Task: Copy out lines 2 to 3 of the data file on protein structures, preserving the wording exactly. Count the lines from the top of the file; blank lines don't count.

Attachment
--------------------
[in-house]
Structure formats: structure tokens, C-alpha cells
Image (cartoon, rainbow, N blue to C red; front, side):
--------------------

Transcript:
Structure formats: structure tokens, C-alpha cells
Image (cartoon, rainbow, N blue to C red; front, side):